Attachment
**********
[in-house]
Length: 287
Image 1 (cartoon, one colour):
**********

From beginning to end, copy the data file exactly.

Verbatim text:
[in-house]
Length: 287
Image 1 (cartoon, one colour):